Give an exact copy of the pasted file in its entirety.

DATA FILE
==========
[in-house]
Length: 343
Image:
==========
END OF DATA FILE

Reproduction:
[in-house]
Length: 343
Image: